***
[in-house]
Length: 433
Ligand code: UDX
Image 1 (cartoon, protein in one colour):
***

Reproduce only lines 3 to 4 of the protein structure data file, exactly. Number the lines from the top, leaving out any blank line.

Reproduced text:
Ligand code: UDX
Image 1 (cartoon, protein in one colour):